Dr Chris Jenner acquired a PhD in optical properties of semiconductor microstructures, after gaining a BSc Hons in Theoretical Physics, both from the University of Newcastle. He then worked as a Research Associate at the University of Newcastle until May 1999, before being lured away by the games industry. He joined Ubisoft Reflections in June 1999 as a Physics programmer where he worked on a wide range of topics relating to physics, AI and gameplay. Since then he has progressed to the role of Expert Programmer where his wide-ranging knowledge of game development has enabled him to be a key contributor to achievements like ensuring Driver San Francisco ran at a solid 60fps and that The Crew was successfully ported to the new PS4 platform in time for its release.
Creating a game world that contains a realistic simulation of a large human population has been a goal of game design for many years. To make this simulation meaningful to players, it is important that the world can be altered by their actions. Changes must have persistence, so that the effect they have can propagate out to a large area. Game worlds have been growing in scale, and player expectations of NPC behaviours have been increasing. Traditional approaches to engine architecture limit what can be achieved within tight performance budgets. Limits on NPC numbers often mean that the characters that the player encounters are throw-away copies of a generic type with no concept of their place in the world. This talk will describe the fundamental technical problems that put limits on the number of fully realised NPCs in our worlds, and describe techniques that can be used to break these limits. We will discuss deterministic approaches, and simulation level of detail as techniques that can be easily applied. We will move on to talk about optimising processing requirements using asynchronous logic processing and highly multithreaded design. We will then touch on the power that can be gained from cloud computing, looking at distributed processing. Many of the problems of creating believable NPC behaviour have been solved in recent years. By concentrating our effort on increasing the scale of our simulations, we can create worlds that feel truly alive and responsive to the actions of the player.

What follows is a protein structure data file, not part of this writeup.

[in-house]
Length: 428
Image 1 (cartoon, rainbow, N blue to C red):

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I really like Develop, I really like the intimacy of it and I love the location.. there’s a good diversity of talks going on so there hasn’t been a time when there’s nothing I want to see.
I’ve been to every single Develop in the last 12 years. One thing you get here is networking - you will meet the most amazing individuals in the video games industry.
Develop always gets put in the diary. There are many reasons to be here, not just the talks, but the networking, people exchanging ideas about where the industry is right now and where it’s going to. It’s pretty essential to be here I think.
Ian Livingstone, CBE
There really is a huge mix of people at Develop - loads of peers that you can learn from and the perfect blend of every element of game development as well.
Develop:Brighton’s a great conference. It’s got a spread of people from all parts of the games industry talking about such a wide range of topics.
Develop is a very important place – it’s one of the few developer focussed conferences we have in Europe and that makes it very valuable.
Building games is hard and it’s taxing physically, mentally and emotionally. So being around a community that understands that is great – there’s a comraderie here.
I absolutely love coming to Develop, it’s a brilliant, brilliant conference – you just know you’re guaranteed to meet everyone.
Jo Twist, OBE
Develop is an excellent way of catching up with people – there’s a really nice community feel here.
Mike Bithell Games
We are so lucky to have Develop here in the UK. It’s a unique event where you can come and discover new things with people who care passionately about video games. It’s a sea full of new ideas.
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